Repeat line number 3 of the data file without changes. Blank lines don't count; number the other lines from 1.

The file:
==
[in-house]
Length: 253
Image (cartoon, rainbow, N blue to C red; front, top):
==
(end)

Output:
Image (cartoon, rainbow, N blue to C red; front, top):